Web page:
At the start of this project, I was intrigued by designing for children because I hadn’t done it before, and in particular, I hadn’t really considered designing for boys. I grew up with a little brother, so had a sort of idea of what boys enjoyed. To give myself more of an idea of boys interior’s, I researched on WGSN and looked at shops and brands who sell children’s interiors. I discovered that there are more products for girls, perhaps because of the stereotype that interior design or nice looking things are for girls. This was exactly the reason I wanted to design for boys – to get away from pinks and use bright colours!
In the autumn term, my theme was quite wide, including gardening as well as creepy crawlies. After a few samples involving garden tools and vegetables, I realised that young boys wouldn’t want their bedrooms covered in vegetables – in fact in most cases they would probably hate it! As for the garden tools – I concluded that they probably wouldn’t be interested in those either, it’s more of an adult design than for children.
My collection has designs that involve digital design, print and stitch, some more than others as appropriate. I started off in stitch, learning how to use the digital stitch software and machines. I enjoyed learning a new technique, and got a digitally stitched bee out of it! While I wasn’t learning digital, I was using stitch techniques I learnt in first year and created another bee. I think this was the point that I decided I wanted to focus on bugs, as most boys have an explorer in their nature, and discovering bugs fulfils that sense of exploration.
This term, I didn’t visit the stitch room very often, in fact only once to make a digitally stitched appliqué of a ladybird, that would perhaps be the feature point of a cushion within my collection. I didn’t want to involve too much stitch in this collection, as I was wary of the stitch making it too ‘girly’ which is normally a negative thing for a young boy. This is why I used appliqué, so the whole bug wasn’t completely stitched.
Print is where the vegetable and garden tools samples were created, and I screen printed a couple of designs. I am glad that I realised quite early on that bugs were to be the focus of the collection, I just needed to explore which bugs to use in my designs and how they would be drawn. I did a few drawings of bees, snails, ladybirds and some other bugs, and with a couple, in particular the bee, I did a detailed botanical drawing at first and then gradually simplified the bug. I think this was a successful way of drawing bugs for boys, as it took into account the features of each insect, but it was suitable for children. I did some lino prints of bees in the autumn term, but for me, the outcome wasn’t the type of design I wanted to create, so I decided to stick with screen printing and maybe explore other printing methods.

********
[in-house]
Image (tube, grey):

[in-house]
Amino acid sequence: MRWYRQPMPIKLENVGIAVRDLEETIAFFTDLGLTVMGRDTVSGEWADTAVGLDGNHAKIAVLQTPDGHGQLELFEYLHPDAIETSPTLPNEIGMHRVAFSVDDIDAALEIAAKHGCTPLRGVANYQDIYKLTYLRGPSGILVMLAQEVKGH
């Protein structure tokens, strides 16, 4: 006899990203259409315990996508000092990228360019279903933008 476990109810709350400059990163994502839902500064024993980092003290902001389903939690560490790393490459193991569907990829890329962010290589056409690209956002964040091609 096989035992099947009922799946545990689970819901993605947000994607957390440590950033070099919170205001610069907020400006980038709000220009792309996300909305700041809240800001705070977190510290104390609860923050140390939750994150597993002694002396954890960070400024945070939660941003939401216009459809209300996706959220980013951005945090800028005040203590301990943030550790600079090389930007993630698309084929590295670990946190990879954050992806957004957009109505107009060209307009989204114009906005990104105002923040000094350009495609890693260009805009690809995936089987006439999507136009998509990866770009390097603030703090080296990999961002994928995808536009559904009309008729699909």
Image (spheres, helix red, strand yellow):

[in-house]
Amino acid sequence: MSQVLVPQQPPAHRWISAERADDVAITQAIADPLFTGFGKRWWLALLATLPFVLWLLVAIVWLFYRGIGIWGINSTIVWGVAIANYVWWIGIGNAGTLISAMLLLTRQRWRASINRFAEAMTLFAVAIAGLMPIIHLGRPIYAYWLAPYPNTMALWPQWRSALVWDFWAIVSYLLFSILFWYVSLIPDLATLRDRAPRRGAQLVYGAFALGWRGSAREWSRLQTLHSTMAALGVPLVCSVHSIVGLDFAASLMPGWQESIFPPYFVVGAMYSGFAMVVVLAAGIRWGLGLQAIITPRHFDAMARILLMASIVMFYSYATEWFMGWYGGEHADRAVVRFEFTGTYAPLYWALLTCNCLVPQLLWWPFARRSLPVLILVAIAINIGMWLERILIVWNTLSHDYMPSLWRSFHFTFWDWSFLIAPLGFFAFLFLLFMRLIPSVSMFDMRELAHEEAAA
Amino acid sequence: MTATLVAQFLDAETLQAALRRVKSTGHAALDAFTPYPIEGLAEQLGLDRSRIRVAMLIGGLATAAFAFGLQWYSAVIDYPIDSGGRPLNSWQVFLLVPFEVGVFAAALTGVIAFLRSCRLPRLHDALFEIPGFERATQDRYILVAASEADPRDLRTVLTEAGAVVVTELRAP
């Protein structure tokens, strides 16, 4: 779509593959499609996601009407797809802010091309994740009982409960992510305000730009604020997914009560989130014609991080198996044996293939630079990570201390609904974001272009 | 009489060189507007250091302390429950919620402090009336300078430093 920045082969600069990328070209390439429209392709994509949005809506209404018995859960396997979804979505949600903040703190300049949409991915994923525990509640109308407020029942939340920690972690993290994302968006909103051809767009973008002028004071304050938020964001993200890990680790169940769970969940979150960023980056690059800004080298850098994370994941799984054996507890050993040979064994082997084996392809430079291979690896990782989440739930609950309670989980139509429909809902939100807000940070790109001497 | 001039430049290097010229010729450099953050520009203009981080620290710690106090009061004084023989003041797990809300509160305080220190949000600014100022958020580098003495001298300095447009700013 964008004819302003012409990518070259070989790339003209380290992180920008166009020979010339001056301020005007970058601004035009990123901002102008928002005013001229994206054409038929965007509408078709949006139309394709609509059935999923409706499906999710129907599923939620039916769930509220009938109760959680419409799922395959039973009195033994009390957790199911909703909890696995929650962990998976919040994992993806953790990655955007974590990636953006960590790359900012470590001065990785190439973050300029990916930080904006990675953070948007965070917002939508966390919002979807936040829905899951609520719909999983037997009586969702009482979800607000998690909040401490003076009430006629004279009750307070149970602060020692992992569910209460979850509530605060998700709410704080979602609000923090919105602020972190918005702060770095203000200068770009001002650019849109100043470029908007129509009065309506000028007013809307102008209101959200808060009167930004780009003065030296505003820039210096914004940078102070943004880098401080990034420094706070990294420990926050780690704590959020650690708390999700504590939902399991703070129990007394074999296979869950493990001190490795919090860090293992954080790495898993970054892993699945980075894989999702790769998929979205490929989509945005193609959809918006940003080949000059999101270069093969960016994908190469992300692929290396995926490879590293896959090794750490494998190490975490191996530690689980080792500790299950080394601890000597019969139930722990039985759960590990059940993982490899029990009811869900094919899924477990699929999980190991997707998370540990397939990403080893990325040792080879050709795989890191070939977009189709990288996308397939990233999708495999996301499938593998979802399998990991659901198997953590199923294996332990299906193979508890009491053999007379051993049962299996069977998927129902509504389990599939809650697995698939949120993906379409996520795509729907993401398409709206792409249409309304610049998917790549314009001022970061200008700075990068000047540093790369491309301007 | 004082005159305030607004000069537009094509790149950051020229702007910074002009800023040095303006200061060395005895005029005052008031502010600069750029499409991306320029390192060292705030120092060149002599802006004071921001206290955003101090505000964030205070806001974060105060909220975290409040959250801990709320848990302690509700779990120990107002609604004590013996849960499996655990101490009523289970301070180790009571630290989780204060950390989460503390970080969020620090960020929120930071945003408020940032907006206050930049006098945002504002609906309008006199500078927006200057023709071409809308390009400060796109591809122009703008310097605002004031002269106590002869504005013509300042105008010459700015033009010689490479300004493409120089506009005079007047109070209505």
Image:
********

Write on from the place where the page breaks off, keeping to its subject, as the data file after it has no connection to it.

This term, I decided to give potato printing a go! I used potatoes that had been forgotten about so were no good to eat, and carved little insects into them. I was pleased with the outcome of my potato prints, however I think I should have done them in more than just black. At the time, all I was using them for was to scan in and create designs for screens, but I could have created some lovely prints in colour. The screen prints that resulted from the potato prints however, were successful! I really liked the texture that the potatoes gave to the designs, and I liked how it was unpredictable with each print. I added french knots to some of the bugs as eyes to give them a little character.
Towards the end of the term, I started to develop some digital designs using Illustrator, focusing on bees, ladybirds, caterpillars and spiders. For the bee and ladybird, I used motifs similar to those from the potato prints, simply because I was pleased with how they looked and was happy to keep that motif.
I am very pleased with my digital designs, and I impressed myself, as I had hardly used Photoshop and Illustrator since the digital module in first year. It came back to me very quickly! I like my use of simple shapes, and the change in scale used to create the designs. One of my favourites is the one that features both bees and ladybirds, as it brings all the other separate designs together, so a customer could have something in that design and then one of the bee designs and one of the ladybird designs, and it would work. I also really like the leaves that are just an outline – which happened completely by accident! It gives a focus to the caterpillars, which was ideal as the focus of the collection is on the bugs. However, I would like to go back into my digital designs and add some texture into a few parts of the designs, as quite a lot of Scion’s designs involve texture.
Looking back on the module as a whole, there are lots of things I am happy with, such as my appliqué ladybird, and a lot of my digital designs, but there are things I could improve on. I need to draw more, to develop my motifs more. I think I could also go back to screen printing and create some prints that match with my digital designs, giving a more complete and matching feeling to the collection. I have learnt that designing for children is harder than it looks, and that things can’t be left until last minute anymore. Planning ahead is the key to avoiding stress!